KOLKATA: The fluctuating temperature triggered by a cloud cover that has persisted for nearly a week in Kolkata, interspersed with occasional showers, have led to a spread of fever, cough-and-cold, asthma and other respiratory illnesses. Hundreds across the city have been down with high fever, that has often been persisting for a week, along with cold, said doctors. The weather has yet again unleashed respiratory viruses, like adenovirus, rhinovirus and respiratory syncytial virus, that spread easily and fast, said doctors.
The typical symptoms this time have been a sudden spell of high fever - with temperatures soaring to 103°F-104°F - and a bout of cold. For a section of the elderly and children, the cough is proving to be severe, especially for asthma and COPD patients, many of whom have been suffering from breathing distress.
"The high fever has been a cause for concern since it has been lasting for almost a week. Coupled with the cold, it has left many very weak and on the verge of hospitalization. In many cases, we are being forced to prescribe antibiotics to those who have had a high temperature for more than five days along with severe cough," said Fortis Hospital Anandapur internal medicine consultant Joydeep Ghosh.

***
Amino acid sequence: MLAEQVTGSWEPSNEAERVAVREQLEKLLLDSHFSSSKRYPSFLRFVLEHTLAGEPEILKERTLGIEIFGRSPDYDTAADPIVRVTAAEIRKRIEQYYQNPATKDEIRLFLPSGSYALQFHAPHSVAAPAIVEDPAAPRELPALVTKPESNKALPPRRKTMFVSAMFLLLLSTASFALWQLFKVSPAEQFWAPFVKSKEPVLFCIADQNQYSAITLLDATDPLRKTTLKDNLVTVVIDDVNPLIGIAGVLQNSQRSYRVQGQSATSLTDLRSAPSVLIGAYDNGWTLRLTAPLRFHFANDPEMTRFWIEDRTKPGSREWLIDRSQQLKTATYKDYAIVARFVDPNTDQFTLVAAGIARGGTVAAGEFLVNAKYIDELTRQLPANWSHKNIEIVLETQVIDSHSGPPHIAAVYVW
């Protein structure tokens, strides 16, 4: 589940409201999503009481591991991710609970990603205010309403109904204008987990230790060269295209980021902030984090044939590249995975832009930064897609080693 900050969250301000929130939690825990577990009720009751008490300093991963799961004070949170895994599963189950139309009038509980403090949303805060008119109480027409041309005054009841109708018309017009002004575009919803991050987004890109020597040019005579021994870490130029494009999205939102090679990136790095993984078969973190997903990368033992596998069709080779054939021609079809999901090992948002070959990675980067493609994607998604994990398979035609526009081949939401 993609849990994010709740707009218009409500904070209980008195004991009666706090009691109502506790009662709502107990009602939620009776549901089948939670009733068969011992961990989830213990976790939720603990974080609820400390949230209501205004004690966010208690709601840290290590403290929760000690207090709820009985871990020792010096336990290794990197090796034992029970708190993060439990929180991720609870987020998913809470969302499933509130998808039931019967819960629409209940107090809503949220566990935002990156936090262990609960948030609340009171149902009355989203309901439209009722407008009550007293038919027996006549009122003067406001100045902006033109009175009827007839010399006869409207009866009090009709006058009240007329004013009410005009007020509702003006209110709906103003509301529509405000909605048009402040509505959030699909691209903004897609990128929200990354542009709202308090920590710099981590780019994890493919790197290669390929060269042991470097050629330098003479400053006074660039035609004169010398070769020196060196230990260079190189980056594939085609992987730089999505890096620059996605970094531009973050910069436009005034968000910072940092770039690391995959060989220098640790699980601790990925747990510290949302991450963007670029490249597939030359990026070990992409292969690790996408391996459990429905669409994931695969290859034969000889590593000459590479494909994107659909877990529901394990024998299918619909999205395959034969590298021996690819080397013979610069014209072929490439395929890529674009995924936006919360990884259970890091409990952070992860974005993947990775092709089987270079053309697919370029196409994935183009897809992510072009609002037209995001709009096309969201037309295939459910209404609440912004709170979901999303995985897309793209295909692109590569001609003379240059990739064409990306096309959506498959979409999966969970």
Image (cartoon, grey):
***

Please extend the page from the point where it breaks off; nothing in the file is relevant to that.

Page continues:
The mercury has been on a roller-coaster ride over the last 10 days, during which, it had touched 35°C before tumbling to 30°C, and then jumping back to 33°C on Wednesday. "This constant fluctuation, coupled with high humidity, are ideal conditions for viruses to regenerate and thrive. Adenovirus remains active and rhinovirus and respiratory syncytial virus, too, are triggering upper respiratory tract infections, especially in those with low or compromised immunity. Children and the elderly are being affected frequently. The only difference this time has been the high, persistent fever," said RN Tagore International Institute of Cardiac Sciences (RTIICS) intensivist Sauren Panja.
"A sudden temperature change causes a protective mucosal breach, helping viruses like RSV, adeno and influenza to gain access into the body, which is manifested by cough and cold," said Dipankar Sarkar, consultant, internal medicine & critical care, Manipal Hospitals.
There could also be new viruses in circulation that are leading to changed symptoms, like high fever. The weather is just one aspect," said CMRI Hospital internal medicine consultant Suman Mitra.
Children should be kept away from all outdoor activities, since sweating could accentuate the effects of fluctuating temperature, according to paediatrician Santanu Ray. "Many have been struck by an unusually high fever, often leading to unconsciousness, nausea and convulsions. The cough has been severe in some cases, making them suffer from breathing distress," Ray said.
"Keep yourself dry and warm this monsoon. Don't forget to protect yourself from mosquito bites. Dengue and malaria are lurking around the corner," advised ILS Hospital consultant Sarbajit Ray.

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